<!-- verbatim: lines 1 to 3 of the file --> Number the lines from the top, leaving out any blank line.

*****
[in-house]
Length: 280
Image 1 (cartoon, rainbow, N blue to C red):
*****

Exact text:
[in-house]
Length: 280
Image 1 (cartoon, rainbow, N blue to C red):